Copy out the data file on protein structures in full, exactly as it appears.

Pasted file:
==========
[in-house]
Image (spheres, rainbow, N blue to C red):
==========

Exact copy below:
[in-house]
Image (spheres, rainbow, N blue to C red):